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[46]
The command of the regiment then devolved upon Lieut.-Col. B. T. Embry, who gallantly led it through the fight to victory. My officers behaved in this first fight with great bravery and coolness. Captains Gibson, King, Brown, Arrington, Witherspoon, Parker, Gambel and Flanagin, all deserve great credit for the manner in which they led their companies. The regiment lost 10 killed and 44 wounded. Captain King was wounded. Orderly-Sergeant Spencer was conspicuous for his gallantry. He was wounded while leading on his men.

Col. John R. Gratiot, commanding the Third, said in his report:

Of my regiment I must speak in the highest terms for their coolness, prompt obedience and daring courage, and although but few of them had ever been upon a battlefield, they maintained their position thirty minutes under one of the most galling fires ever delivered upon a regiment by 1,500 or 2,000 Federal troops, besides being enfiladed by a heavy battery. They stood their ground, delivering their fire with deadly effect and extreme rapidity. I must here mention in terms of highest approbation the conduct of my lieutenant-colonel, David Provence, for his coolness, skill and gallantry during the whole action, his example having a powerful influence in keeping the men steady and cool. Major Ward behaved with great gallantry; also, Captain Sparks and his company; Captain Hart and his company; Captain Brown up to the time of his death, and Lieutenant King, afterward in command of the company; Captain Bell, up to the time of his death. These companies bore the heat of the action and distinguished themselves by their gallant conduct, and the conduct of the officers and men throughout was so universally gallant and courageous that it is hard to make personal distinctions.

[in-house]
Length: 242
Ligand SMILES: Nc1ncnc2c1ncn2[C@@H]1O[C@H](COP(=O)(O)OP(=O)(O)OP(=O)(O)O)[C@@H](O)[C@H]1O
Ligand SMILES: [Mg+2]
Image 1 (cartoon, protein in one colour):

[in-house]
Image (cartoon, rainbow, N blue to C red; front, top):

The report of Col. J. D. Walker speaks for the Fourth Arkansas infantry:

The Fourth regiment, on the morning of the 10th, was placed under the command of Adjutant-General Rector, who remained in command during the day. This regiment was not brought into immediate action, being stationed upon the hill for the protection of Reid's battery,

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